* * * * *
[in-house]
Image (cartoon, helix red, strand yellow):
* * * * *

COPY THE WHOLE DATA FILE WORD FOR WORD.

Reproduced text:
[in-house]
Image (cartoon, helix red, strand yellow):